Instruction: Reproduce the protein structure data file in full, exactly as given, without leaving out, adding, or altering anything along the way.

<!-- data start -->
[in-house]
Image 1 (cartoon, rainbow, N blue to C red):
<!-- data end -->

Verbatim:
[in-house]
Image 1 (cartoon, rainbow, N blue to C red):